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back to index backGLOBALtalk July,  2014


A Global Mobility Manager's Guide: Obtaining expat vehicles in the U.S.A.

When relocating to the U.S., expats are generally unaware of the myriad of obstacles awaiting them when trying to obtain a vehicle. With most people needing transport to get to and from work, this can be a tricky process for those who do not have the facts.

Here are some of the most common obstacles when an Expat tries to finance, lease or purchase a vehicle in the U.S.A..

Lack of credit history

Expats will normally want to finance or lease their vehicle in the United States. Unfortunately, it is extremely difficult to obtain credit for an auto loan or lease without any type of U.S. credit history.

If they are able to gain credit in the United States without a U.S. credit history, the interest rate will be extremely high compared to those with a U.S. credit history.

Finding the right vehicle

Selecting the right vehicle is very important. This can be determined by asking your assignee a few simple questions:

- Where are they moving?

- How many people are in their family?

- Would they prefer to lease or finance a new or used vehicle?

- What is the single most important thing they will require from this vehicle?

Car insurance

After purchasing or leasing a vehicle auto insurance will need to be obtained. It is a requirement of their financial institution to have auto insurance in place if the expat has a loan or a lease on the vehicle. Auto insurance rates are determined by two factors;

1.      U.S. driving history

2.      U.S. credit history

Similar in difficulty to obtaining a loan, the criteria for obtaining auto insurance as an expat can be even harder!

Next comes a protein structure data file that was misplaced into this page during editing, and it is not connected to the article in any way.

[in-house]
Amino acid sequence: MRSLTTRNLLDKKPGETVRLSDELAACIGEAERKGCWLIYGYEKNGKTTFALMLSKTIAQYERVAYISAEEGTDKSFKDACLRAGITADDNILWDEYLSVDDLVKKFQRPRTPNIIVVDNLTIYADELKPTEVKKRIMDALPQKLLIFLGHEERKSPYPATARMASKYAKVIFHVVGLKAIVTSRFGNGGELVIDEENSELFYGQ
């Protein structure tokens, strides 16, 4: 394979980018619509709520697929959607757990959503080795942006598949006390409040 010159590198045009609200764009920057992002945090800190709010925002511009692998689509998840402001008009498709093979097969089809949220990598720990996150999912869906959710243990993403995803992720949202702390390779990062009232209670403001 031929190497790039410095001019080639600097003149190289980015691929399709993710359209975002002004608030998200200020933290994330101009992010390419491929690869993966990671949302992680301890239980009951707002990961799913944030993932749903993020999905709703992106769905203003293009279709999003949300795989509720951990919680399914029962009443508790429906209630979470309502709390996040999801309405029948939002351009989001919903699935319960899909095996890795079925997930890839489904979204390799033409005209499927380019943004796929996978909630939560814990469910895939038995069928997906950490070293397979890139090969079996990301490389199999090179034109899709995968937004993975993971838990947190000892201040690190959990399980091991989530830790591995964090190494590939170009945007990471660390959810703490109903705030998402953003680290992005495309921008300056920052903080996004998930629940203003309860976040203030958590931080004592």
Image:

Obtaining a U.S. driver's license

Obtaining a U.S. driver's license will be a requirement in some states to register and license a vehicle however; there are a handful of states that will only require you to have an overseas or international driver's license. It is suggested that your assignee obtains an overseas/international driver's license before arriving in the U.S. as this will help with the transition to a U.S. driver's license. In addition, they may be required to take a written test or road test depending on location.

Registration and licensing

The vehicle will have to be registered to a name before it is ready to drive. To register, it will be required to provide a driver's license as detailed above and proof of insurance. At the time of registration it will be required to pay the sales tax for the vehicle. Unfortunately, in the U.S., sales tax is not included in the original price and is paid at the time of delivery and registration. If leasing a vehicle, the sales tax will be included in the monthly investment.

If purchasing a vehicle through a private party, the following documents will need to be provided to the Department of Motor Vehicles;

- Title for the vehicle (provided by the seller)

- Bill of Sale or letter from the seller including the vehicle type (year, make and model), selling price and vehicle identification number (VIN)

- Proof of auto insurance

- U.S. driver's license or the specific state requirements for those without a U.S. driver's license

When obtaining a vehicle through or a local dealership or certain suppliers, the registration will be completed on behalf of the driver.

Upon registering the vehicle it will be required to pay the license plates and registration fees, as well as the sales tax on the value of the vehicle. A temporary registration will be issued that is typically valid for 30 days and the official registration sticker will arrive in the mail.

Source: The Forum for Expatriate Management - GAI




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